A Picenes stronghold in the 9th century, embellished by a wonderful theatre and huge Roman cisterns that were saved and rebuilt by Francesco Sforza and stage of the Grand Tour, Fermo is a beautiful hillside town. The Roman Cisterns are unique. With its cathedral, art gallery and great restaurants in which to enjoy the local cuisine, Fermo is an interesting destination for travellers in search of beauty and culture.

Main points of interest

The Romanesque-Gothic cathedral (Duomo) stands on top of the hill, offering great views of the surrounding countryside. Frederick the Great (‘Stupor Mundi’) rebuilt it in 1220, following its destruction by his grandfather Frederick Barbarossa. A surprising feature is the underlying basilica dating back to the 6th century, as well as the exceptional mosaics in the apse. The rose window (1348) also has a rare beauty, while the tombs under the colonnade and in the sacristy of the chasuble of San Tommaso a’ Becket, Archbishop of Canterbury (1118-1170), are fascinating.

At the bottom of the impressive Piazza del Popolo, Palazzo Priori houses the Civic Art Gallery, which boasts beautiful panels by Jacobello del Fiore on the life of Santa Lucia and Rubens’ famous Adoration of the Shepherds. The museum itinerary also includes a visit to the Globe Hall, the oldest public library in the Marche, a legacy of Romulus Spezioli, personal physician to Queen Christina of Sweden, with its imposing globe created by the geographer Silvestro Amanzio Moroncelli in 1713.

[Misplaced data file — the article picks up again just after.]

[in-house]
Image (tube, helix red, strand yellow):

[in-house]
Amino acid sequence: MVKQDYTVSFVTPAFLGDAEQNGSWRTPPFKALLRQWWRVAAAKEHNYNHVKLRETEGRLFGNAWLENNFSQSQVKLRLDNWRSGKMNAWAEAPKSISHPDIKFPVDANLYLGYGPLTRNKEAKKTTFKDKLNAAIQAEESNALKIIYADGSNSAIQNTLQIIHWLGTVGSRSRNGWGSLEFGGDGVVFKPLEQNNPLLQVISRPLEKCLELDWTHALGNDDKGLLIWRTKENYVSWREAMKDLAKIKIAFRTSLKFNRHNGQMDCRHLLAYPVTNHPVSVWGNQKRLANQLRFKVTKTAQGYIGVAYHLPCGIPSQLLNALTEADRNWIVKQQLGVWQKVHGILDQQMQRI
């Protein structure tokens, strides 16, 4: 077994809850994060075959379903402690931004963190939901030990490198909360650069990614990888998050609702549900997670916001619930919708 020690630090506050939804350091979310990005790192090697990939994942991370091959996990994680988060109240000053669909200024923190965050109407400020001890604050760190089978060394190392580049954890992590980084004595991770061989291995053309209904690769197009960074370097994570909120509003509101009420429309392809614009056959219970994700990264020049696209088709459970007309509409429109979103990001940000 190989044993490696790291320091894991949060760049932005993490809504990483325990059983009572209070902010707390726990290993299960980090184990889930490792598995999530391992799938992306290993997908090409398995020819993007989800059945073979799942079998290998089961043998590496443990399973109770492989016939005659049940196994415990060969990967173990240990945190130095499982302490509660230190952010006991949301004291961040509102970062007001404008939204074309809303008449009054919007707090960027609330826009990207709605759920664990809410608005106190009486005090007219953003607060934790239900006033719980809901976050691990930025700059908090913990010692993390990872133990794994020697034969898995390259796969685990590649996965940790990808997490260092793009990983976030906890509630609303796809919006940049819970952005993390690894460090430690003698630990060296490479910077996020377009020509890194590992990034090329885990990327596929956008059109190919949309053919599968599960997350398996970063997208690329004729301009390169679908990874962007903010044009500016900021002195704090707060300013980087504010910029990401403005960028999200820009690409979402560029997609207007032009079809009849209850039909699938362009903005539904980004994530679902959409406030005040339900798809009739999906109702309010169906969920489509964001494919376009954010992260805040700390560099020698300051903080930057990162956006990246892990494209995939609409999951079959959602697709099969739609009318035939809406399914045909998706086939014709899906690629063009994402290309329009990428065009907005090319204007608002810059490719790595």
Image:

The extraordinary Roman cisterns, a complex built around 50 B.C. under the highest part of town and covering 2,000 sq.m, are also worth visiting. Except for a solitary crack, the cisterns are still in usable condition and demonstrate the wonderful engineering skills of the time. Fermo has many other churches and monuments, including a statue of Sixtus V, who was born nearby.


How to get there

Upon leaving the Borgo, head down the hill into town, turn left on the main road, then turn right at the roundabout and follow the signs to highway SS4 (green) until you get to that road in the direction of San Benedetto (towards the sea).

Follow the signs to the A14 (Bologna – Taranto, toll road) and turn left towards Bologna / Ancona (northwards, with the sea to your right).

Exit the A14 at the Fermo tollgate. Follow the directions for Fermo, then Centro Storico. There is a car park on the road near the main gate that leads into Piazza del Popolo.

Distance 58 Km; about 45 minutes by car.